© Stephen Robertson, CC BY 4.0

I was born in 1946. Somewhere around that time was the beginning of a sea change, often proclaimed as a revolution, one which, in the ensuing three-quarters of a century, has transformed our lives in extraordinary ways. Following the pre-war work by such visionaries as Konrad Zuse and Alan Turing, and the inventive necessities of the war-time code-breaking effort at Bletchley Park, the first working computers (in something close to the modern sense of the word) were just being put together in a handful of laboratories in Britain and the United States. Today computers are pervasive—it is hard to identify any aspect of our lives that has not been affected by them.

But computers are only part of it. We can talk about information technology, or more broadly the information and communication technologies, to encompass computers and the digital world that they have made possible, as well the whole of telecommunications, the internet and the web, sound recording and photography and film, broadcasting, and so on. But immediately we have to call into question what I just said about the start of a revolution. The telephone, for example, predates the computer by maybe seventy years (another lifetime); photography by maybe a hundred. So must we then go back another century to look for the start of this revolution? Or perhaps five more centuries, to the invention of printing?

This kind of question is exactly what this book is about. I think it is undeniable that the period I have lived through has seen revolutionary changes in the domain of information technology. But the word revolution suggests a complete break, a hiatus, a rupture with the past. It invites us to define when it happened, and to treat this point in time as a discontinuity.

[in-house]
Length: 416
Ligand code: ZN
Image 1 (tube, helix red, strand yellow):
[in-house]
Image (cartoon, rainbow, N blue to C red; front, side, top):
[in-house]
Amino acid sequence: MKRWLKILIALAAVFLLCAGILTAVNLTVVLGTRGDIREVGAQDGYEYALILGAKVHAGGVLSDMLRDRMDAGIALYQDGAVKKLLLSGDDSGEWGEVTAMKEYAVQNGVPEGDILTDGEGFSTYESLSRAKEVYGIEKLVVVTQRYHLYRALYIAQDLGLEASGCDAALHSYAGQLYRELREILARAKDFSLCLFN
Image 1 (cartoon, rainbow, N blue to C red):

But like all real revolutions, both the start and the origins of this period of huge change are hard to pin down. My contention is that we had to make many other inventions, to devise or learn many ways of thinking about things or of doing things, before the sea change I have lived through could come about. What follows is an attempt to pull together into a single story all these necessary precursor technologies, beginning with writing.

This story is not a linear, chronological history. The collection of ideas, of theories, of ways of thinking and ways of doing that have come together under the umbrella of information technology did not start together, either in time or (more importantly) in context. Each strand has its own inception and development; sometimes different strands come together, or one strand splits apart, to follow different historical courses. As a result, I will be jumping about in time, following one strand up to the twentieth century, and putting it aside to go back to the source of another.

Although I have taken the start of the computer age as around 1945, many of the themes that I discuss remained outside the province of the computer or the digital world for much longer. For example, mainstream photography, now absolutely part of the digital world, did not become so until after 1980. In such cases I will follow each theme through into my lifetime, to the point where it is absorbed into or enveloped by this new reality—or perhaps more accurately, until the new ways of thinking and doing expand to include it.

Among the themes that will emerge in a roundabout way is a notion that is key to the modern world—that of data. This now all-pervasive idea, which is essentially both the raw material and the product of all computational processes, and encompasses pictures and sounds as well as text and numbers (and a lot of other things), began to emerge explicitly around the start of the twentieth century. It is now hard to think of many aspects of what I will be discussing without this notion in the background. But I invite you to put it aside, at least as far as you can, until Chapter 6.

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